Active Animals

Getting in Shape with Your Pet

Typically, in mid to late February, resolutions that were made for the coming year start to fall by the wayside. You can probably guess what the number one New Years’ resolution is…getting in shape. The good news is it’s easy to get back on the wagon, just adopt a dog.

Researchers in Great Britain recently surveyed 5,000 people and found that those with dogs exercised up to six hours more per week than those who worked out at a gym or on their own. The study found that the average dog owner walks his or her dog for around 30 minutes twice a day. Compare that to the average gym-goer, who only works out two hours per week. The difference can be attributed to the fact that 86 percent of dog owners say they enjoy the time with their pets, versus 16 percent of respondents who rate going to the gym as a favorable activity.

Walking your dog twice a day is a great way to stay in shape. However there are lots of other ways to stay in shape with your pet. Boot camps are the new exercise craze and it was only a matter of time before someone came up with a dog boot camp to stay in shape with your pet. Thank Dog Boot Camp did just that. This program combines weight training, cardiovascular training, and dog training all in a one-hour session. Prior to the first session of boot camp, trainers will conduct a health evaluation and behavior consultation on your dog as well as a one-on-one obedience lesson. Classes are currently being offered in Los Angeles County, Orange County, and in northern California. For more information, visit

If you don’t have a dog boot camp in your area, try taking your dog on a hike. Here is a great website to find hiking trails where dogs are allowed

Dogs love to venture outside of their normal routine, but when you’re on the trail, keep your dog’s comfort and safety in mind with the following tips.

* Choose a hike that matches both you and your dog’s fitness level. Keep hikes short and simple at first. Work up gradually, as both of you become more accustomed to the activity.

• Avoid hiking on hot and humid days. Dogs overheat faster than humans do and are more prone to heat stress.

• Let your dog rest when he needs to. If he starts panting excessively and is seeking out shade, this might mean that he needs a break.

• Make sure you bring plenty of water for yourself and your dog to drink. It’s a good idea to carry a portable water bowl for your dog to prevent him from drinking from ponds and streams.

• Keep in mind that not everyone likes dogs, so keep your dog under control as you hike.

• Always hike with your dog on your right side, so that you are between your dog and other people

• Always pick up after your dog, even when on a hiking trail.

• Don’t allow your dog to chase wildlife. If he doesn’t respond immediately to your call when he strays, then you might want to consider keeping him on a leash.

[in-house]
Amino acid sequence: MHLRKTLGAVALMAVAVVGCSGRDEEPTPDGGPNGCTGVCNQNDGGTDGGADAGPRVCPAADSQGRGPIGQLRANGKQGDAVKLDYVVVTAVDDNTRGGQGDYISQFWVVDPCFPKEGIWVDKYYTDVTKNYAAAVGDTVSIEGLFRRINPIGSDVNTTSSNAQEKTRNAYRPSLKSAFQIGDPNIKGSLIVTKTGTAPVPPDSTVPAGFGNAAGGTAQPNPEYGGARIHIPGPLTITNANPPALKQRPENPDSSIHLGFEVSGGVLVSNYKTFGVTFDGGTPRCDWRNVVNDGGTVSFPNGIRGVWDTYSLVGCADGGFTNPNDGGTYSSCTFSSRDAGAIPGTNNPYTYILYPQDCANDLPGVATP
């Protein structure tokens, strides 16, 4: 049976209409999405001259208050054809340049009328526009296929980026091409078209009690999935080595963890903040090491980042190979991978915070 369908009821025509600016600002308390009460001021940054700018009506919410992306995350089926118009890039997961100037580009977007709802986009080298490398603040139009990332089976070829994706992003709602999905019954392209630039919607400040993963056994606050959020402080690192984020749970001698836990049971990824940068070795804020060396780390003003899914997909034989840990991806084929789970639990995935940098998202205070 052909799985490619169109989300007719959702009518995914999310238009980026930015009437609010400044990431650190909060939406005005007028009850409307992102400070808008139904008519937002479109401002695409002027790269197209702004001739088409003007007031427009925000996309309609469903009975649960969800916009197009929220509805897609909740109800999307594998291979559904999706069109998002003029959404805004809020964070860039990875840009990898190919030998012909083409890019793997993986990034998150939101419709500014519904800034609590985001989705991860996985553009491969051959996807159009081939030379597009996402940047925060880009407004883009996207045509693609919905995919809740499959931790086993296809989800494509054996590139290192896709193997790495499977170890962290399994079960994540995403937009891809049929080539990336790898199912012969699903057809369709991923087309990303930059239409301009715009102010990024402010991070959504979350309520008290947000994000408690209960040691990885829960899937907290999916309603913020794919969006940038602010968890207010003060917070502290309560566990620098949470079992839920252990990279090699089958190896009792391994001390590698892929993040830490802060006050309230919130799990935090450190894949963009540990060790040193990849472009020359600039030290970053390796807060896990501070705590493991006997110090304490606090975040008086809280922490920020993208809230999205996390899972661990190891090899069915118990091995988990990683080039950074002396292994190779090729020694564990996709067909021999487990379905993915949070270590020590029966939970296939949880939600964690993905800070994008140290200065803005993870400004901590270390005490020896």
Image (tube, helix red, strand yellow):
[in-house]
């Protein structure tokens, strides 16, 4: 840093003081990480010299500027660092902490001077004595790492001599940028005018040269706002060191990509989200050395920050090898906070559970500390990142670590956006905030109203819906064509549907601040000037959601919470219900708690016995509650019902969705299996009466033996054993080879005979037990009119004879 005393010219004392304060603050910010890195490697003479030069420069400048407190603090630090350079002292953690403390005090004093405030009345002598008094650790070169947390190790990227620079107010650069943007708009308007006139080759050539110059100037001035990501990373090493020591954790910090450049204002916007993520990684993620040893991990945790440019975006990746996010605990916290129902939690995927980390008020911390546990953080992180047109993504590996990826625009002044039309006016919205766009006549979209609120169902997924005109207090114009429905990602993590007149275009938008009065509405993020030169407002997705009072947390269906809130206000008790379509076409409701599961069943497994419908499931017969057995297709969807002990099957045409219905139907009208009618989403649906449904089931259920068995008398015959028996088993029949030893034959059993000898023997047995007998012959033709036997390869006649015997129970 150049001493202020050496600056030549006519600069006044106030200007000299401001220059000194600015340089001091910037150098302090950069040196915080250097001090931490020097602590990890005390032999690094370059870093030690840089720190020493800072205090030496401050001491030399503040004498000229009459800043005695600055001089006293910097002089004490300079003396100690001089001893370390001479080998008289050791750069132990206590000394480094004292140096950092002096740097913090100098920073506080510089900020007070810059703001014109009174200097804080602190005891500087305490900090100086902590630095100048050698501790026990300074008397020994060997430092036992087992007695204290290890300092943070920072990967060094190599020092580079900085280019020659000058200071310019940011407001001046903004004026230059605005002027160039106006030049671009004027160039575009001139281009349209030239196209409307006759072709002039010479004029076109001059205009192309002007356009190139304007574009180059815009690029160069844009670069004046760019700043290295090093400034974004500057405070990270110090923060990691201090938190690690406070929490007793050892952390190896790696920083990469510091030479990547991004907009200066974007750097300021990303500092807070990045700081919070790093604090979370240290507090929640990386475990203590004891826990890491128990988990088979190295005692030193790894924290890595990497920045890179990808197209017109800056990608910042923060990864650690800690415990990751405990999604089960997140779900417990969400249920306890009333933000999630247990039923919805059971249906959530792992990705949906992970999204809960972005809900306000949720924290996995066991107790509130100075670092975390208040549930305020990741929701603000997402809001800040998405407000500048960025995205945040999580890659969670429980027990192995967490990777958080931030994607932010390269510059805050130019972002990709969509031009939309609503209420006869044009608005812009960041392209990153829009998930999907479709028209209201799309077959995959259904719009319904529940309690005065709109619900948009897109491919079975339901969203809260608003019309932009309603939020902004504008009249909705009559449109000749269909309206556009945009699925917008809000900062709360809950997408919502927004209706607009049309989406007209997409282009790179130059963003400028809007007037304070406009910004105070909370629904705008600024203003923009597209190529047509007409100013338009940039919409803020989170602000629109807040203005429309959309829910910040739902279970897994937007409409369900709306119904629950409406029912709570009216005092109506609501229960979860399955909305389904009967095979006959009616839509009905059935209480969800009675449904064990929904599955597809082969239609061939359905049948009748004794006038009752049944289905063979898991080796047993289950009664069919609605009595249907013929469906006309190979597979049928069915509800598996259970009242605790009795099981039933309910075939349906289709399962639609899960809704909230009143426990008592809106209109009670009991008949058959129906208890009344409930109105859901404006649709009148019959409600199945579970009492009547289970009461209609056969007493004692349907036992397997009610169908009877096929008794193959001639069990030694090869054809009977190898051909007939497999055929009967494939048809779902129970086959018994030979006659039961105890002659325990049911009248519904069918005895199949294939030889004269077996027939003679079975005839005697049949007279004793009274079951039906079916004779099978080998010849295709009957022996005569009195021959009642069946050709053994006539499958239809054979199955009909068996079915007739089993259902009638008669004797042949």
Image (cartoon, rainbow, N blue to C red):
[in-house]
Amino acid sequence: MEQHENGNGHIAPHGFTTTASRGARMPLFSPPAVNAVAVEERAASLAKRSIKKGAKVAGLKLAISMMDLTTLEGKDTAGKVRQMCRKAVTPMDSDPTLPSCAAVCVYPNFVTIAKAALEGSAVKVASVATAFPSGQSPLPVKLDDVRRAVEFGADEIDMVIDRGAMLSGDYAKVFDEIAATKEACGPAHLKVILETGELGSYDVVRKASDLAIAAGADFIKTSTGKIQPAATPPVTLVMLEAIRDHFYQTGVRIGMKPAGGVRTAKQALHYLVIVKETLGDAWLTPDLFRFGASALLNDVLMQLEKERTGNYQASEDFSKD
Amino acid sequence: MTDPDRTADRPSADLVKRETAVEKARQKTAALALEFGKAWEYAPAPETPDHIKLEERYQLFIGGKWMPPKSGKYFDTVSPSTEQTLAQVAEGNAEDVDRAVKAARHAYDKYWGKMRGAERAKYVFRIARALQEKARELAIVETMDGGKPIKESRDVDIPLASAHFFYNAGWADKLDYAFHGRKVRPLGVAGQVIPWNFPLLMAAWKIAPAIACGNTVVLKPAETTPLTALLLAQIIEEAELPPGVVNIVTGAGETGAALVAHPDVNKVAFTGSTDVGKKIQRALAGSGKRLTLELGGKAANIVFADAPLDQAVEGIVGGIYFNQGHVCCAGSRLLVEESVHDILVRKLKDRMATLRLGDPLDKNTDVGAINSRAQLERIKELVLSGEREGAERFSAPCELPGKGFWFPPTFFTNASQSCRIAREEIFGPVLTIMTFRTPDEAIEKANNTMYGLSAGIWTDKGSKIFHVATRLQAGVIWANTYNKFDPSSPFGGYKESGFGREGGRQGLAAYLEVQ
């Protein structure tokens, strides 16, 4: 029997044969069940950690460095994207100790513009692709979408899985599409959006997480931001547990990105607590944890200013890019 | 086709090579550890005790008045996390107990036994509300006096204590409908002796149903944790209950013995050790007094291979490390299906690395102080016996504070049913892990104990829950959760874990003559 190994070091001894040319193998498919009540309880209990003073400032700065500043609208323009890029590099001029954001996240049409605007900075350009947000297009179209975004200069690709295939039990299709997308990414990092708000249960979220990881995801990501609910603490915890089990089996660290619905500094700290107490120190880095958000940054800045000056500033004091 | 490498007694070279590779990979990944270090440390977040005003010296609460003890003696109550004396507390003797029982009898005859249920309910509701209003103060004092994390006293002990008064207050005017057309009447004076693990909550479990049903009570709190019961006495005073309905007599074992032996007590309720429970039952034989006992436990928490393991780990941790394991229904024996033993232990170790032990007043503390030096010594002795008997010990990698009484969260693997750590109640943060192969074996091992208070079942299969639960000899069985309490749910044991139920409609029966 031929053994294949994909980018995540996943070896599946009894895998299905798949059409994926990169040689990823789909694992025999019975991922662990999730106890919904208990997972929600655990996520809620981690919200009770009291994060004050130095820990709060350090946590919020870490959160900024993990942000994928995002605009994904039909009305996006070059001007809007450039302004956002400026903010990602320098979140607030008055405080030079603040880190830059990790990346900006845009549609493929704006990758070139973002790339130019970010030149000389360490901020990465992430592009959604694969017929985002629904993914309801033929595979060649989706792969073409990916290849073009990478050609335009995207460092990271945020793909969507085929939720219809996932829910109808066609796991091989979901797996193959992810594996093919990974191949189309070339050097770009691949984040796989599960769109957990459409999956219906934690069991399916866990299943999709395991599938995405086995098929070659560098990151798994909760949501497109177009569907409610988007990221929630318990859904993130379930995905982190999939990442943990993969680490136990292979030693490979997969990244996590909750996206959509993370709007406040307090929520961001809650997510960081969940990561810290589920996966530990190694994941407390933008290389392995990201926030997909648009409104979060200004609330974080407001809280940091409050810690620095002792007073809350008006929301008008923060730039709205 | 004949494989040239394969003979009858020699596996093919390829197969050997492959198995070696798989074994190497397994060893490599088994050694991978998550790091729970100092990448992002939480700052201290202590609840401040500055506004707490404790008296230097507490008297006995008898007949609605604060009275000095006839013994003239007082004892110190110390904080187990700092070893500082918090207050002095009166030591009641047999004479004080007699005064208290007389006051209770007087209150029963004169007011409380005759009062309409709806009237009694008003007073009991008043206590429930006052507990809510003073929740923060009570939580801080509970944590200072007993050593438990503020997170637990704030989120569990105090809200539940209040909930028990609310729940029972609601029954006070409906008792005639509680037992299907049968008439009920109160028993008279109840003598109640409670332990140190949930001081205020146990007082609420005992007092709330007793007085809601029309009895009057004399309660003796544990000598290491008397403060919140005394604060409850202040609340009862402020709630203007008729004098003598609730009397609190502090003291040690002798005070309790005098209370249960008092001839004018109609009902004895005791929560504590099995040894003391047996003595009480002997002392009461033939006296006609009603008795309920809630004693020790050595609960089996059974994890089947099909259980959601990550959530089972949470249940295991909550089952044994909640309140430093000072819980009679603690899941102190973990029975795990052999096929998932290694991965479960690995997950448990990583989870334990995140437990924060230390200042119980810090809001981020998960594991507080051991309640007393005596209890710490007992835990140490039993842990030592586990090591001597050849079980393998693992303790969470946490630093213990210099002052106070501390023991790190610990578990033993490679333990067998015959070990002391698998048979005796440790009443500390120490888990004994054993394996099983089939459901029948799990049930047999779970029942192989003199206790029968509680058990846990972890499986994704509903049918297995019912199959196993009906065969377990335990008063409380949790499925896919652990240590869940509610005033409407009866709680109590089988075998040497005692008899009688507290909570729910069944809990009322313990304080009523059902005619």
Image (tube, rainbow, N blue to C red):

• If you want your dog to carry his own supplies (treats, poop bags, etc.) just remember that experts recommend that a dog should only carry 25 percent of his body weight; anything above that is too heavy.

• After you get home, check your dog for burrs, foxtails, ticks, or scrapes. Keep in mind that if your dog wandered into poison ivy, it may not affect him, but the oils can be transferred off his coat onto your skin. Make sure to wear gloves if you’re going to bathe him.

If you happen to be a cat owner, it’s no excuse to be a couch potato. While you may not be able to take your cat on a hike or to the beach; cats love to chase fishing pole toys. Rather than sit and swing the toy around, run around your house with it. The cat catcher by go-cat is one of the best cat toys around, and it only costs $7. Go-Cat-Catcher. The same company also makes a feather toy for those cats who prefer to chase birds instead of mice, Go-Cat-Bird-Feather-Teaser

Whether you own a dog or a cat, there’s no better time to get in shape with your pet then right now. If you don’t own a pet, now is a great time to adopt one. Visit to find a homeless animal shelter in your area.


Adoptable Pet of the Week

Chico is a three-year-old, neutered male Chihuahua mix who weighs10 lbs. He is playful with other dogs and affectionate with humans. Chico would easily fit into an adult household. DAWG (Dog Adoption and Welfare Group) is a no-kill not for profit dog rescue/adoption organization located at 5480 Overpass Rd. in Goleta. For more information, call 681-0561.

You can view more adoptable dogs at The public is invited to stop by and look around every day from 9 a.m. to 4 p.m. DAWG relies on volunteers to take care of all the dogs, so if you love dogs, think about volunteering. Students are able to fulfill their volunteer community service requirement by volunteering. Volunteer orientations are generally held every other Saturday at 10 a.m. Please contact DAWG for the next meeting.


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